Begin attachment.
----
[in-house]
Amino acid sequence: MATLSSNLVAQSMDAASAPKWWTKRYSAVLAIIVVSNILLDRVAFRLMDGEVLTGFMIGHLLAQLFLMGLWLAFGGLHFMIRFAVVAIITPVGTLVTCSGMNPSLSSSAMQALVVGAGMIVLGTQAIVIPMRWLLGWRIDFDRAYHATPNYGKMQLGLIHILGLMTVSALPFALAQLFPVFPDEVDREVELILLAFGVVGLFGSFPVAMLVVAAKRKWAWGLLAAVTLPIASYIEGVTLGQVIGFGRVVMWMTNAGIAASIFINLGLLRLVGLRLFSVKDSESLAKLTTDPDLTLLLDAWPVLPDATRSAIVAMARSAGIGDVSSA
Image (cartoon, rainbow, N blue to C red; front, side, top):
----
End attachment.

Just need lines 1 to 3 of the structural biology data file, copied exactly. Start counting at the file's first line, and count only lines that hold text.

[in-house]
Amino acid sequence: MATLSSNLVAQSMDAASAPKWWTKRYSAVLAIIVVSNILLDRVAFRLMDGEVLTGFMIGHLLAQLFLMGLWLAFGGLHFMIRFAVVAIITPVGTLVTCSGMNPSLSSSAMQALVVGAGMIVLGTQAIVIPMRWLLGWRIDFDRAYHATPNYGKMQLGLIHILGLMTVSALPFALAQLFPVFPDEVDREVELILLAFGVVGLFGSFPVAMLVVAAKRKWAWGLLAAVTLPIASYIEGVTLGQVIGFGRVVMWMTNAGIAASIFINLGLLRLVGLRLFSVKDSESLAKLTTDPDLTLLLDAWPVLPDATRSAIVAMARSAGIGDVSSA
Image (cartoon, rainbow, N blue to C red; front, side, top):